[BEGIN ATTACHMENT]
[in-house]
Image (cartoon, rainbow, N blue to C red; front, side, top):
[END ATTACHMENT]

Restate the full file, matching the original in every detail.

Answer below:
[in-house]
Image (cartoon, rainbow, N blue to C red; front, side, top):